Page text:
Neil Lennon says he does not believe he will be spared racial and sectarian abuse at Ibrox today as a result of the Uefa punishments meted out to Rangers for “racist behaviour (sectarian chanting)” over the past ten days.
It is 15 years since Martin O’Neill stated that Lennon, then a midfielder with the Parkhead club, suffered “racial and sectarian” abuse at the Govan ground, and as the Celtic manager prepared for the first derby of the season, he agreed that it now appears Uefa has recognised that the use of “Fenian” as an epithet in abusive or threatening chants is racially charged in being anti-Irish Catholic.
Lennon says it is “embarrassing” that an outside agency has been required to bring this issue centre-stage. The partial closures of Ibrox for Europa League games resulting from the Uefa charges cannot be replicated in domestic matches because Scottish football has rejected strict liability, meaning the clubs cannot be held responsible for the action of their supporters.
Abuse from the stands can therefore go unpunished and Lennon gave an unambiguous response when asked if he thought the Uefa sanctions would bring any change in Rangers’ supporters behaviour towards him.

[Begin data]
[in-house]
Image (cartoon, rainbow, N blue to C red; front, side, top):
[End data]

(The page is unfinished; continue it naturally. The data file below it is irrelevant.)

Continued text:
“No,” he said flatly, before expanding when asked if the fixture brought “this element out”. “Yes,” he said. “It has always been that way. It was ever thus so I can’t imagine that changing overnight or in three or four days. You don’t want it sanitised completely either but you want to strike a balance of there being a red hot atmosphere without all the vitriol that goes with it.”
Lennon goes along with Steve Clarke’s take on abuse from supporters. The then Kilmarnock manager said after being decried as “a sad Fenian bastard” at a Scottish Cup tie at Ibrox in February that he had no problems with anything other than the use of the word “Fenian”. “Yes, absolutely because I take offence to the latter,” said Lennon.
Mention of the now Scotland manager led Lennon to question the different responses from Rangers to himself and Clarke suffering such sectarian abuse.
“It is embarrassing [when it takes an outside agency to come in and deal with this] but then sometimes people turn a blind eye to it or go ‘och it is only him, he can deal with it’ but at the end of the day we are human beings. I think Rangers put a statement out after Steve Clarke got the abuse but there was none forthcoming for me over the years. I find that interesting as well.
“I don’t know if this will embarrass anyone into dealing with it. I don’t have all the answers. I’ve been saying this for quite a while, I even said it when I was at Hibs last season [that the abuse was racial, in the aftermath of being hit with a coin at an Edinburgh derby]. But it’s out of my jurisdiction. I’ve a big game to navigate, a team to look after, and a responsibility to that team so I’m not getting involved in debates about what’s right or what’s wrong on the terraces or away from the game.”